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n. Islam
1. Used as a title and form of address for a male dignitary.
2. Used as a title for a descendant of the family of Muhammad.

[Arabic, from sāda, to become chief; see swd in Semitic roots.]
American Heritage® Dictionary of the English Language, Fifth Edition. Copyright © 2016 by Houghton Mifflin Harcourt Publishing Company. Published by Houghton Mifflin Harcourt Publishing Company. All rights reserved.


(ˈsaɪɪd) or




1. (Islam) a Muslim claiming descent from Mohammed's grandson Husain
2. (Islam) a Muslim honorary title
[C17: from Arabic: lord]
Collins English Dictionary – Complete and Unabridged, 12th Edition 2014 © HarperCollins Publishers 1991, 1994, 1998, 2000, 2003, 2006, 2007, 2009, 2011, 2014


or say•ed or say•id

(ˈsɑ yɪd, ˈseɪ ɪd)

1. a supposed descendant of Muhammad through his grandson Hussein.
2. an Islamic title of respect, esp. for royal personages.
[1780–90; < Arabic: lord]
Random House Kernerman Webster's College Dictionary, © 2010 K Dictionaries Ltd. Copyright 2005, 1997, 1991 by Random House, Inc. All rights reserved.
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One of the eminent Rizvi Syeds of Bukkur was Syed Muhammad Shah Makki, the son of Syed Muhammad Shujah, who was born in Mashhad in Iran.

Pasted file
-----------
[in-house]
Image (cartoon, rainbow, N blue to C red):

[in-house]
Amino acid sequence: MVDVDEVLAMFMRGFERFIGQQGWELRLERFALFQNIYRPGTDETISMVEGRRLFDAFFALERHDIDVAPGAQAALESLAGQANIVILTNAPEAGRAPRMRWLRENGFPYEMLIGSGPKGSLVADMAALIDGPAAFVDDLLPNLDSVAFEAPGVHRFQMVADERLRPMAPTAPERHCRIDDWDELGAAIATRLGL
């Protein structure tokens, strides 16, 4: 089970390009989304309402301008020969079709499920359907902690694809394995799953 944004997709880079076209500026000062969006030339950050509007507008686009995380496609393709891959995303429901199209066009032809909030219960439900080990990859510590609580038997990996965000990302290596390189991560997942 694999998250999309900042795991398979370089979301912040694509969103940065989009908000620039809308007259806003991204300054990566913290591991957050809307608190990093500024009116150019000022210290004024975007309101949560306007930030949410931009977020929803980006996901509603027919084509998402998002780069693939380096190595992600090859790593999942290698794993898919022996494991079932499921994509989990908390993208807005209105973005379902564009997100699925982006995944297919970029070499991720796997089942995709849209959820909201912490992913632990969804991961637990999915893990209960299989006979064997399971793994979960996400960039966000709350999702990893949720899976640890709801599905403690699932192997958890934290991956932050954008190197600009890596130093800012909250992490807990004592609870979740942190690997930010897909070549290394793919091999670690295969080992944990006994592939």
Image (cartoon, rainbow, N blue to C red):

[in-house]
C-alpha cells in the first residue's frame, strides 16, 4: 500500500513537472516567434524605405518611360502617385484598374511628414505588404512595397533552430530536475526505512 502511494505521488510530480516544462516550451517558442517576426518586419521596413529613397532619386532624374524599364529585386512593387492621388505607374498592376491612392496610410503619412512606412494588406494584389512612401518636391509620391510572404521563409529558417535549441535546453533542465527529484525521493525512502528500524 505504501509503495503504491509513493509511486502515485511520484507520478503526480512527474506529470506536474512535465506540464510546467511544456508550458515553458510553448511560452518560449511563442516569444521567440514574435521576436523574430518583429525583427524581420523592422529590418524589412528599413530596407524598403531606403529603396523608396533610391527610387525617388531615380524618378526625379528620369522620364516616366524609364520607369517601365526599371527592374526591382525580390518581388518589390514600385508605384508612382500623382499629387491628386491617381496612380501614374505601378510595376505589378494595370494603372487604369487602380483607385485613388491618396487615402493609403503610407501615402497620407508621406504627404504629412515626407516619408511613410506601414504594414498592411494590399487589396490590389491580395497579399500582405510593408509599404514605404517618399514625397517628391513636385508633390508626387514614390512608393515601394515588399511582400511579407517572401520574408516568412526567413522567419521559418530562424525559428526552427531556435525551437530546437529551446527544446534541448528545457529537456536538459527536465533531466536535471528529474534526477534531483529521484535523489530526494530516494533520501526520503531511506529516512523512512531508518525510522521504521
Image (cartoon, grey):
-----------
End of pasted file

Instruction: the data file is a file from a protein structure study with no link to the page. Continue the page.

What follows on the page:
Syed Muhammad Shah Makki was the ancestor of all of the Rizvis of Sindh and India.
Two of the sons of Syed Makki, Syed Sadruddin Al Khatib and Syed Badruddin, became more prominent.
ISLAMABAD, October 19, 2010 (Balochistan Times): Sir Syed Ahmed Khan revolutionized the Muslim community and turned them towards contemporary education to keep pace with the modern age and we are lucky to have Sir Syeds progressive thinking and his valuable work among us for guidance.
Podcast fans scored a bevy&nbsp;of new material from the makers of "Serial" on Tuesday with the release of ( "S-Town." The&nbsp;new true crime program, broken into seven episodes, focuses around a murder mystery in Alabama, but its release may have listeners thinking about a different case: Adnan Syed's.&nbsp;
Syed was the subject of the first season of "Serial," a wildly popular podcast that launched in 2014 through WBEZ and "This American Life." Host Sarah Koenig took listeners through the complex timeline of Syed's conviction for killing his ex-girlfriend, Hae Min Lee, as a teenager in 1999, conducting interviews with their now-adult friends and trying to track down answers about the controversial investigation and possible mishandling of his case.&nbsp;Syed has maintained his innocence and has been serving a life sentence since 2000.
Read:&nbsp;( Jay Wilds Interview: 'Serial' Key Witness Explains Why He Helped Adnan Syed